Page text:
The UCI Claire Trevor School Of The Arts’ Department Of Drama opens its 2016-2017 season with a powerful, superbly performed big-stage revival of Jason Robert Brown and Alfred Uhry’s Parade.
It takes guts and chutzpah to write a musical about a hundred-year-old anti-Semitism-fueled crime that remains today one of the most horrific miscarriages of justice in United States history, but this is precisely what Jason Robert Brown and Alfred Uhry pulled off in 1998’s Tony-winning Parade.
Brown’s eclectic collection of songs run the gamut from gospel to pop rock to rhythm and blues to emotional ballads. Likewise, no one writes with more insight about being Jewish in the South than Uhry, whose book moves back and forth through time, as flashbacks reveal the events leading up to Frank’s arrest and trial.
In a stirring prologue, a young confederate soldier (Ethan Thomas Bell) sings a hymn to Georgia, by the end of which he has morphed into his elderly contemporary self (Mark Metzger), a reminder that the Civil War was no distant memory at the time of Frank’s trial, but a very real one for the citizens of Atlanta.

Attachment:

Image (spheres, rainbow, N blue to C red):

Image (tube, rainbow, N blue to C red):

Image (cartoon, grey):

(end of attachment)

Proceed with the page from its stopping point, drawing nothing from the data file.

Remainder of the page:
Parade’s tale of injustice then begins, with young Frankie Epps (Bell again) inviting vivacious pencil factory worker Mary Phagan (Madison Dietrich) to “The Picture Show,” a date for which Mary never arrives. Since we have just seen her visit the office of factory manager Leo Frank (Jacob Ben-Shmuel) to claim her week’s meager wages in a scene that Parade’s book cuts deliberately short, it is left to us (and to the citizens of Marietta) to fill in the blanks, though in markedly different ways.